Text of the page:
by Loui Tucker

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This article appeared originally in the October 1999 issue of Let's Dance!


       A group of us goes out to eat after dancing. We talk about dancing and dancers, the history of dance, the meaning of dance, and the future of dance. We pose questions. Sometimes the question is rhetorical. Some questions get asked by each new generation of dancers, like a common prayer; some questions are being asked only recently. Sometimes the asker sincerely wants an answer. Sometimes the question is asked with tongue in cheek, to tease. Sometimes the same questions gets asked over and over and there is never an answer, no matter how long we discuss the issue. We thought The Grapevine readers might find the questions thought-provoking.
       (1) Why are some dances wildly popular is Location A and the same dance is scorned in Location B? Is the population that participates in Israeli dancing so diverse from locale to locale?
       (2) How do teachers decide what to teach from all the dances they learn? How do teachers get to be teachers in the first place?
       (3) With a few exceptions, the vast majority of circle dances and couples dances in the Israeli dance repertoire are danced to either a song with Hebrew lyrics (even though the original song was French or Spanish or....) or to music without lyrics but everyone know the lyrics anyway. In contrast, except for a few old individual dances like Sapri Tama or Debka Lahat, the new trend in individual dances, usually done in lines facing the music, are typically crafted around American pop tunes, or Turkish or Spanish songs. Why is this??? What is it about these line dances that makes choreographers pick non-Israeli music?
       (4) Are the "debka jump" and "debka kick" related movements? How did they get their names?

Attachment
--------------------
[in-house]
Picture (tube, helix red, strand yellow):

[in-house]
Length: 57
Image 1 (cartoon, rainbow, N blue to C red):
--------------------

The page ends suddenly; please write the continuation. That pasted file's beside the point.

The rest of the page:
(5) What is a "classic" dance and what makes it a classic? Is being of a certain age enough to qualify or does it have to be popular or well-known or forgotten except by a few people and also old? Who decides?
       (6) Many English-speaking teachers use the terms "Cherkassiya" and "Double Cherkassiya," but these terms appear to be foreign to Israel-trained teachers. They say "Open-cross-from-side-to-side" for double cherkassiya. Where did this term come from? Why does one population use it and not another?
       (7) What is it that brings non-Jews and non-Israelis to an evening of Israeli dance?
       (8) Where did teachers who teach beginners get the idea that all beginner dances are slow dances, and all slow dances are appropriate for beginners – and how can we change their minds on this?
       (9) Do dance movements have to have a meaning in order for a dance to be meaningful? If a dance isn't meaningful to me should I be dancing it? Do I have to have a reason for not liking a dance or not liking a piece of music or the lyrics – can't I just not like something for no reason?
       (10) Why are there no prominent female choreographers today, especially since many of the founders of Israeli folk dancing were women: Rivka Sturman, Raya Spivak, Gurit Kadman, Leah Bergstein, Sara Levi-Tanai?
       (11) Is this Israeli FOLK dance or Israeli RECREATIONAL dance and what's the difference?
       (12) If a dance leader uses a "request sheet," could we also have an "unrequest sheet" as a way of saying, "You've played this dance every week for 10 months and we're TIRED OF IT!"
       (13) If a dance teacher doesn't use a "request sheet" – how does he/she decide what to play?
       (14) Is Israeli dancing going to be around in 10, 15, 20 years? If so, who will be the teachers? How are they ever going to master everything our current teachers know?
       (15) What is styling exactly? Is it the way the choreographer looked when first teaching or dancing the dance? If so, how can you expect at dancer who is 4'11" and weighs 150 pounds to mimic the style of a choreographer who is another gender, and a foot taller? Is styling the way the best dancers do the dance.. or the way Israelis dancing in Israel do the dance... or the way the choreographer originally intended the dance to be done ... or the way the ethnic group the dance movements are based on do this type of dance? Is styling the footwork or the arm positions or the head movements or the curve of the back or all of the above or WHAT?? And why is styling so important to some dancers and unimportant to others?
       (16) Why is it so hard to get a dance partner?
       (17) Do you think we can we get the beginners to all wear bright orange vests so we can spot them in the circle and dance around them more easily and avoid running them over?
       (18) What does syncopated mean anyway?
       (19) How can you tell if a dance is "Greek-style" or "Ashkenazi" or "Mizrahi" or "Kurdish" or "plain old Israeli" (whatever that is)? What are the key features to look for? Is it the music or the dance movements or both or something else? Can you have Mizrahi dance movements to Ashkenazi music? What do you call the result?
       (20) [The one asked most often] How did YOU get into folk dancing???